The United States yesterday marked the sixth anniversary of the September, 11th 2001 terrorist attacks with ceremonies and tributes across the country. Leta Hong Fincher brings us this report.
Families of the dead, visitors and officials gathered in New York City to mourn victims of the attacks on the World Trade Center.
A bell sounded at 8:46 a.m. Eastern time to mark the instant the first hijacked airplane hit the twin towers six years ago. At the White House, President Bush paused for a moment of silence.
In New York, Mayor Michael Bloomberg addressed the crowd. "On that day, we felt isolated, but not for long, and not from each other. New Yorkers rushed to the site, not knowing which place was safe or if there was more danger ahead. They weren't sure of anything except that they had to be here. Six years have passed, and our place is still by your side."
New York rescue workers who responded to the attacks read the names of more than 2,750 killed that day.
"Alok Agarwal, Mukul Kumar Agarwala, and my family member - Peggy Jezycki Alario, and my partner and friend - paramedic Lieutenant Ricardo J. Quinn," read one mourner.
Former Mayor Rudolph Giuliani also spoke briefly, despite opposition from critics who say he is using the September 11th attacks to help his campaign for president.
This year's anniversary services were moved from Ground Zero because of construction at the site of the former World Trade Center.
But work stopped for the day, as relatives honored the loved ones they had lost. Tania Garcia's sister Marlyn was killed in Tower One. "We're still very much affected by it on a daily basis. It's something that we will never get over."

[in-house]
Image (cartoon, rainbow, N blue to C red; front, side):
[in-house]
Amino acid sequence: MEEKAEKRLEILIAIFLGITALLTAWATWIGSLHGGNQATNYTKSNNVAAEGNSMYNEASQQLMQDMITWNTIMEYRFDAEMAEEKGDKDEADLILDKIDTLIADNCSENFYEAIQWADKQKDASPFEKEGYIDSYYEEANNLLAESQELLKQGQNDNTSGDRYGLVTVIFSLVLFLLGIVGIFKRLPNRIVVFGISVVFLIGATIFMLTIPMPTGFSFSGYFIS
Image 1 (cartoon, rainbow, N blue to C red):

In a Pennsylvania field, mourners remembered the 40 passengers and crew members killed when one of the hijacked planes crashed.
And at the Pentagon, where 184 people died in the crash of a fourth hijacked plane, Defense Secretary Robert Gates vowed to strike back against terrorists.
"The enemies of America, the enemies of our values and our liberty, will never again rest easy, for we will hunt them down relentlessly and without reservation."
The key planner of the attacks, al-Qaida leader Osama bin Laden, released a videotape praising one of the 19 suicide hijackers.
In an interview with the ABC television network, Director of National Intelligence Michael McConnell assured Americans that the U.S. government will not let its guard down. "We are safer today, but we are not safe. The worry is that we have to maintain our vigilance."
This anniversary was the first that fell on a Tuesday, the same day hijackers crashed planes into buildings six years ago. In all, the September 11th attacks claimed the lives of almost 3,000 people.